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Der Dreizehnte Holzwurm
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Store:  Card Games, Family Games
Genre:  Trick-Taking
Format:  Card Games

Der Dreizehnte Holzwurm

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Ages Play Time Players
8+ 30-60 minutes 2-6

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Product Information

  • Designer(s): Michael Kiesling, Wolfgang Kramer

  • Manufacturer(s): Asmodee North America, Queen

  • Year: 1998

  • Players: 2 - 6

  • Time: 30 - 60 minutes

  • Ages: 8 and up

  • Weight: 135 grams

  • Language Requirements: Game components are language-independent. An English translation of the rules is provided.

Product Reviews


Average Rating: 3 in 1 review

This quirky game is fun, but isn't likely to be addictive
June 11, 1999

Holzwurm (Woodworm) works on the idea of hungry little worms munching their way around, sometimes trying their tiny teeth on objects that are less than palatable. This is a trick-taking game, where you try to gather cards of a like suit and sequence in order to gain points. However, there are positive and negative points which much be kept track of and tallied for the score. A set number of cards are dealt, and this is as many as the player will have the entire game--no trading, discarding or dealing, every card must be used!

There are several colors of suits, with cards ranging in value from 10 to -13. Six cards are dealt face-up onto the table, and a certain number of cards are then dealt to the players according to haw many players there are. Players take turns laying down one card each, building the cards that are face up into tricks. Positive-value cards are stacked to the right, negative to the left. The value of the card laid down must always be one more than the number of cards (not the value) in a stack. The object is to build a trick that is of positive value, and take it before someone else does, while avoiding having to take a trick that is worth a negative number. There are wild cards which can be laid on any color, but never two wild cards in a row. When you want to claim a trick, just put down a card whose value is equal to or less than the number of piles in the stack! The player with the most points when all cards have been played wins!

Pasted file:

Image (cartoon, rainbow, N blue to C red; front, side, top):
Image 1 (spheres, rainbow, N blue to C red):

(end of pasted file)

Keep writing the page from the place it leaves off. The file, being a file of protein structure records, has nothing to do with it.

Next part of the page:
The gameplay can be fairly quick if you are fast with numbers, but is never actually slow unless someone is overthinking: I'm terrible with numbers, but I kept up with the rest of my group-it was the girl who is an overanalyzer who got the egg-timer treatment! The pictures on the cards are very entertaining, and the game is short and sweet, perfect for waiting for dinner at a restaurant or before bedtime with the kids.

My only real complaint is that never drawing new cards and having to use all of the cards dealt can be a bad combo; sometimes it is impossible to do. A good variant is replenishing your hand and playing through the whole deck--it makes the game go past 20 minutes, but can be a more satisfying experience. 3 stars doesn't mean it's bad, it's just not perfect. Not every game needs to be. I don't regret buying it at all, and think all in all it's a good lightweight snack in between main courses of Tikal or El Grande. Did I mention the illustrations are really cute?

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